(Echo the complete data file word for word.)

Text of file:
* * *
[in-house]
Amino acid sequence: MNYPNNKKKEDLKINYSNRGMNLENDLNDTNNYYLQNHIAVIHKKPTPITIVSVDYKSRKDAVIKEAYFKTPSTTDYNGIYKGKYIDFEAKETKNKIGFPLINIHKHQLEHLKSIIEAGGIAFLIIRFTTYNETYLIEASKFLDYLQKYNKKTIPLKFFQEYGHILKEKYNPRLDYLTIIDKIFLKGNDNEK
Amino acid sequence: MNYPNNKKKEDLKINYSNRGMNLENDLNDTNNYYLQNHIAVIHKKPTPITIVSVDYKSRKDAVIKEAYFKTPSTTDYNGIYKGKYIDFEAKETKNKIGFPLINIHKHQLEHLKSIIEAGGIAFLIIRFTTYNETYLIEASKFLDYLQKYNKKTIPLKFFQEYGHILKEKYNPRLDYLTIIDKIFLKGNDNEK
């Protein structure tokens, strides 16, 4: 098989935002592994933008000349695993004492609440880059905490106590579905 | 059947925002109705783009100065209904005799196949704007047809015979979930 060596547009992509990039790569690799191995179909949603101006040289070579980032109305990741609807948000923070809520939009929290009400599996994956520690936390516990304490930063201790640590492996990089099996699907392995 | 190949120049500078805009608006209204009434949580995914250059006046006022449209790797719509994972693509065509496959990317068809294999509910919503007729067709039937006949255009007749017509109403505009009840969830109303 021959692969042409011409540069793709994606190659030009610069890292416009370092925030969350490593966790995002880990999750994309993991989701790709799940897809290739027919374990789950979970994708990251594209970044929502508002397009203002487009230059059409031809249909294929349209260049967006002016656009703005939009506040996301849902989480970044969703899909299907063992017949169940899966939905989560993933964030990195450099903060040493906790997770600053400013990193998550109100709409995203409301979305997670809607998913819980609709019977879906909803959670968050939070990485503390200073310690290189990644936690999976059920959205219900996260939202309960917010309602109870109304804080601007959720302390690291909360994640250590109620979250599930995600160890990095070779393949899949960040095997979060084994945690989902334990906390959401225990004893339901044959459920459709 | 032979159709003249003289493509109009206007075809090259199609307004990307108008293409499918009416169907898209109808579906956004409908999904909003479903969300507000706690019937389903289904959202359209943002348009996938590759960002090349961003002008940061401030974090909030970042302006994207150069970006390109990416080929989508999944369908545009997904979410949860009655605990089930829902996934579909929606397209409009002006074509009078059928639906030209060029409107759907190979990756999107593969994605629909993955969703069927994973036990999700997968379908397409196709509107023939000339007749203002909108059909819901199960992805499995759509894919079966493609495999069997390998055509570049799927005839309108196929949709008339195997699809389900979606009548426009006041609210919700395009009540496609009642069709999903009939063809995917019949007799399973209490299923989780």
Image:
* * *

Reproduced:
[in-house]
Amino acid sequence: MNYPNNKKKEDLKINYSNRGMNLENDLNDTNNYYLQNHIAVIHKKPTPITIVSVDYKSRKDAVIKEAYFKTPSTTDYNGIYKGKYIDFEAKETKNKIGFPLINIHKHQLEHLKSIIEAGGIAFLIIRFTTYNETYLIEASKFLDYLQKYNKKTIPLKFFQEYGHILKEKYNPRLDYLTIIDKIFLKGNDNEK
Amino acid sequence: MNYPNNKKKEDLKINYSNRGMNLENDLNDTNNYYLQNHIAVIHKKPTPITIVSVDYKSRKDAVIKEAYFKTPSTTDYNGIYKGKYIDFEAKETKNKIGFPLINIHKHQLEHLKSIIEAGGIAFLIIRFTTYNETYLIEASKFLDYLQKYNKKTIPLKFFQEYGHILKEKYNPRLDYLTIIDKIFLKGNDNEK
């Protein structure tokens, strides 16, 4: 098989935002592994933008000349695993004492609440880059905490106590579905 | 059947925002109705783009100065209904005799196949704007047809015979979930 060596547009992509990039790569690799191995179909949603101006040289070579980032109305990741609807948000923070809520939009929290009400599996994956520690936390516990304490930063201790640590492996990089099996699907392995 | 190949120049500078805009608006209204009434949580995914250059006046006022449209790797719509994972693509065509496959990317068809294999509910919503007729067709039937006949255009007749017509109403505009009840969830109303 021959692969042409011409540069793709994606190659030009610069890292416009370092925030969350490593966790995002880990999750994309993991989701790709799940897809290739027919374990789950979970994708990251594209970044929502508002397009203002487009230059059409031809249909294929349209260049967006002016656009703005939009506040996301849902989480970044969703899909299907063992017949169940899966939905989560993933964030990195450099903060040493906790997770600053400013990193998550109100709409995203409301979305997670809607998913819980609709019977879906909803959670968050939070990485503390200073310690290189990644936690999976059920959205219900996260939202309960917010309602109870109304804080601007959720302390690291909360994640250590109620979250599930995600160890990095070779393949899949960040095997979060084994945690989902334990906390959401225990004893339901044959459920459709 | 032979159709003249003289493509109009206007075809090259199609307004990307108008293409499918009416169907898209109808579906956004409908999904909003479903969300507000706690019937389903289904959202359209943002348009996938590759960002090349961003002008940061401030974090909030970042302006994207150069970006390109990416080929989508999944369908545009997904979410949860009655605990089930829902996934579909929606397209409009002006074509009078059928639906030209060029409107759907190979990756999107593969994605629909993955969703069927994973036990999700997968379908397409196709509107023939000339007749203002909108059909819901199960992805499995759509894919079966493609495999069997390998055509570049799927005839309108196929949709008339195997699809389900979606009548426009006041609210919700395009009540496609009642069709999903009939063809995917019949007799399973209490299923989780």
Image: